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:: Friday, March 14, 2003 ::

A couple of years ago I got the call: "They're on sale NOW. Go get yours before anything happens."

I jumped in the car and rushed down to the tag office where I bought 3 Choose Life tags. I talked to the office's head honcho and asked him what the chances were that opposing forces would be able to get an injunction and my tags. He said, "Once these things are on cars, I'd say the chances are pretty much nil."

But abortion supporting groups (including the National Organization for Women a.k.a. N.O.W.) sought to shut these tags down and have them all recalled. I dared anyone to tell me what I could or could not display on my car.

I'm a butt, so I immediately snail-mailed the NOW a picture of the backs of my three cars all lined up in the driveway with shimmering yellow Choose Life tags. On the front was the bold caption: "How ya like me N.O.W.?" I also emailed them and said, "Hey, I'm a woman and I want this tag on my car. Why are you trying to take away my choice?" Surprisingly they wrote back: "We support your right to go out and get a bumper sticker saying whatever you want it to say." I wrote back: "You say it's OK for me to sport a bumper sticker but not a license plate. Since when do you get to decide HOW I am allowed to convey a message on my own vehicle? I have a new car. I don't want a tacky bumper sticker plastered on the back of it." The NOW representative wrote back: "I can't argue with that."

But argue they did, under the representation of the Center for Reproductive Law and Policy. At one point they claimed that the phrase "Choose Life" was a Biblical quote, and for the state to authorize a plate with a Biblical quote was a violation of the separation of church and state. Gimme a break. It's two words. You could take "in the" out of the Bible too, but that doesn't make it a Biblical phrase. When the argument didn't work, they tried something else.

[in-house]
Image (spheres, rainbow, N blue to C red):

The next phase was to accuse the state of violating the First Amendment (freedom of speech). This was even more ridiculous than the first argument. The abortion advocates said that because only one side of the debate was represented by a specialty tag, the state was only supporting one message. This, as the argument went, somehow prevented abortion supporters from being heard. But here's the kicker: abortion advocates never even tried to get their own "Choose Choice" tag! (Or perhaps they tried and didn't have enough public support to get the thing off the ground. Most people are kind of wishy washy about abortion. Of the ones who support it, many feel it's just this hushed necessary evil that they'd rather personally forget about, but it's not something they're going to go out and have a parade-or a special tag-over.)

In addition to demanding that the tag violated freedom of speech, abortion groups also sought to receive funds generated from the sale of the tag. "I hate the tag, but give me the money it makes." Time and time again, their case against the tag has been rejected, but they keep appealing and guess who has to keep paying for all the lawsuits? The state of Florida. And you can guess where that money comes from.

Up, up, up the argument went, all the way to the Federal Appeals Court in "Hotlanta" (Atlanta, GA), but the 11th Circuit rejected the abortion supporters' arguments. It also schooled the abortion supporters on the First Amendment by basically saying states only have to protect the speech of those who wish to speak. They also threw in a lovely little zinger that makes me snicker every time I read it:

"The First Amendment protects the right to speak; it does not give Appellants the right to stop others with opposing viewpoints from speaking."

Leave it to abortion supporters to use freedom of speech to try and imprison speech. None of us should be surprised. When you're getting away with murder every other day of the week, pushing the envelope of reason is just par for the course.

Way to go, Russ! Keep up the good work you do for women and families!


:: ashli 10:09 AM # ::

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